September 25, 2007

North Portland Acupuncture

Over the last 3 years, I've been promising my acupuncturist that if I ever got a blog, I would write a shout-out to him. And, because I don't really intend to have two blogs, this is where it will go.
I love my acupuncturist. He's got a killer sense of humor, he's insightful and reflective, and he really has a way with those needles. I can get stressed out occasionally, and he always brings me back down to a more sane state of being.

North Portland Acupuncture
1905 N Killingsworth
Chris Slama


it's worth it.


September 24, 2007

Link to interview with Nato

mentioned below



My friend Jen Rhoads, The "S" of the MOST, shared some writing with me about her experiences in the Social Practices program at CCA during the last year. During critiques with other students at the college who are studying in more traditional disciplines, she says her fellow students are often either not sure whether her work is "art," or say they don't have anything to say about her work because they're not sure how to judge its qualities.

Jen has since done some writing regarding Social Practice work that I'd like to share below. I think what I see happening is that in addition to creating her work, she is also discovering ways to create a framework in which to discuss it. I haven't really taken in this writing completely, but I keep coming back to it as something that posits helpful questions, and helpful descriptions. I'll be interested to see how my thinking about this changes over time.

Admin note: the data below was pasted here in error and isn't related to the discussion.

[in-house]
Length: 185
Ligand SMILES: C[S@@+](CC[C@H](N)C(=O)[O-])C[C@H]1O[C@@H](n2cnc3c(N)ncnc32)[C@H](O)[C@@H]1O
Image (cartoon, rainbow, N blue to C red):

Social Practice: A field of research, relationships and action related to but not defined by the “art world”. This field is in process of defining itself and therefore is currently “under construction”. Aspects of this field include people contributing to the remaking, relooking and reperforming of relationship utilizing both individual and group dynamics as a primary source of it’s structure. Lateral and interconnected modes of operation are primary to linear or historical development and in this way it is a currently unbounded practice. An unknown percentage of “social practioners” define themselves as artists but it is probably more useful to describe this work as being done by creative people and groups interested in highlighting or impacting how people, groups of people or societies engage in relationship. Content and scope of this work is as wide and varied any field of research or practice (think “science” or “writing” or “spirituality”). Criticism of this field is often around the difficulties evaluating or talking about these actions or events in a formal manner. The following questions are suggested entry points (gleaned from conversation between Nato Thompson and LeisureArts):

Who is this for?

What does it do?

In what manner does it operate in a social structure?

What new generative social possibilities do these activities create?

How do they interface with broad political and philosophical themes?

Are they fun?